The students’ will demonstrate their competences in practical work situations mainly in an authentic working environment, without having to sit through written tests or other forms of assessment. The assessment will be carried out by their teachers and employees together. 

The concerns to all this flexibility are well founded: will there be enough time and support for those young students, who are not clear on their aims and who are not self-directing? Will there be enough class room time for student, who really need more teacher-led tuition?

And teachers?

The teachers’ role changes quite a lot from traditional class room activities towards more couching and liaising between working life and the training organiser. As a bulk of the learning and the assessments take place at the workplaces, it requires ever closer co-operation between the teachers and the working life representatives.

Additionally, assessing prior learning and the existing competences may be slightly challenging for those teachers, who have not been working with the adult VET system (in which assessing individuals’ prior learning was a central feature even before the reform). It is quite a different practice to assess a learning process instead of existing competences. 

In the reform process some integral good practices were trashed: Specialist for Competence-based Qualifications -training programme was compulsory for at least one of the assessors in the old adult VET system. It was a very important quality assurance mechanism, whereas the new VET has not addressed systematic competence development at all.

How is it all implemented?    

A change of that calibre does not happen overnight in terms of practice. There are multiple government funded development projects, carried out by the VET providers, going on that aim at smoother transition, competence development of practitioners, quality assurance systems, networking with working life and so forth. However, there have been quite dire concerns stemming from the field, that it is not that easy to suddenly get working life to take on tens of thousands of young people in their organisations.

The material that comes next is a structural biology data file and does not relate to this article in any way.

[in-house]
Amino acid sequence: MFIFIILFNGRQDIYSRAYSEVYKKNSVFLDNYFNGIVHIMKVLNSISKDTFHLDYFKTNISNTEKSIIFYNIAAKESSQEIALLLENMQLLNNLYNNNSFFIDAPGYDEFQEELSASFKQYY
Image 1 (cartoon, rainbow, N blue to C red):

Also, there are not enough teachers trained with appropriate competences to assess and validate prior learning. Neither are there enough processes which would ensure smooth, high-quality working life co-operation. 

Different VET providers seem to be in different positions with the reform: some have started to plan the changes in their organisations years ago – and have been ready for the reform – whereas some are trying to cope with the reform as it was enforced. Some experts see that the reform is an opportunity to start doing things differently, some doom it as an utter failure.

Finnish culture of education – high quality education – is old and strong. The teaching staff is highly educated and innovative. Systems – even after a major reform - can and must be tweaked. There will be some victims of chaos in the beginning of the reform, but as the critical points are pinpointed, the good practices will iron out the worst wrinkles of the system.

See video (EN) of the Finnish VET reform here